REM sleep is a phase of the five-stage sleep cycle, during which rapid eye movement (REM) occurs. Typically, there are three to five REM cycles during a night's sleep, the first lasting about ten minutes and the last, before waking, up to an hour. The deepest stage of REM sleep is where dreams occur. It is necessary to cycle through REM sleep to feel rested, and experts report adults 18 and older require 1.5 to 1.8 hours of this deep sleep per night.
During REM sleep, the brain exercises neural connections crucial to overall well-being and mental and physical health. REM sleep is also considered the learning phase of the cycle, as this is when the brain integrates and processes information from the day and prepares to store it in long-term memory. Lack of REM sleep can adversely effect the brain and cognitive function.
Most dreaming occurs during REM sleep, with about two hours spent dreaming each night. Signals from an area at the base of the brain, known as the pons, kickstart REM sleep. The signals then travel to the thalamus, which relays them to the cerebral cortex. The cortex is the layer of the brain responsible for organizing information while awake. Some scientists believe dreams are fragmented brain activity caused by the cortex's attempt to interpret the signals it receives from the pons during REM sleep.
During REM sleep the body is paralyzed, preventing the dreamer from acting out dreams and preventing injury. As detailed in a study by the University of Toronto, two brain system chemicals work together to paralyze the skeletal muscles during REM sleep. The neurotransmitters glycine and GABA work by shutting off motor neurons.
During REM sleep, the eyes move as if they are looking at something. Interestingly, even people who are blind move their eyes during REM sleep. They do not have "visual" dreams, but the brain activates in a way that imitates visual stimulation. There are studies that try to determine if this eye movement is really due to "scanning" images in dreams, or if it has another physiological reason. Regardless, researchers note that eye movements during REM sleep resemble the eye activity seen when people are shown or asked to remember images when awake.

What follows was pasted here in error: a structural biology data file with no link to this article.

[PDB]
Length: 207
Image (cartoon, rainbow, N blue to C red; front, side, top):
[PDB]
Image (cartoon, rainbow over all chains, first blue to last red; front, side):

While some people find a nightcap helps them fall asleep, both alcohol and drugs can interfere with neurotransmitters involved in sleep. Research on the effects of drinking and sleep published in Alcoholism: Clinical and Experimental Research, shows that while one drink will shorten the time it takes to fall asleep, that is offset by more disrupted deep sleep in the second half of the night.
A University of California study on napping proposes that REM sleep helps the brain create connections between unrelated ideas, improving creative problem-solving. The researchers theorize that a reduction in the amount of the neurotransmitters norepinephrine and acetylcholine during REM sleep may help integrate information into associative pathways in the brain. Conversely, when awake, the levels of these two neurotransmitters are higher, contributing to inhibited connections in the neocortex.
A study published by the National Institute of Neurological Disorders and Stroke reports that preventing rats from getting enough REM sleep significantly shortens their lifespan, from two or three years to five weeks. In humans, lack of REM sleep can lead to fatigue, weight loss or gain, and clumsiness during the day, and have a deleterious effect on the brain and cognitive functioning.
During other phases of sleep, blood pressure and heart rate decrease, but during REM sleep both increase. Experts hypothesize that this is a response to dreaming. REM sleep is sometimes called the "paradoxical sleep," because the body arouses some systems but temporarily paralyzes the muscular skeleton and limbs.
REM Behavior Disorder (RBD) leads to a failure of the mechanism that paralyzes the muscular-skeletal system for most people during REM sleep. This is possibly due to a malfunction in the brain stem. Those with RBD act out during REM sleep, sometimes punching, kicking, yelling and even leaping, resulting in injury to the person doing it, or their bed partner. People with RBD often have disorders like narcolepsy and sleep apnea, as well.
The rebound effect is a lengthening of REM sleep after periods of sleep deprivation. It is so important to brain function that the body has a built-in mechanism to make up for lost time. Extended REM sleep phases can result in more vivid dreams, nightmares, and a groggy, disconnected feeling in the morning.
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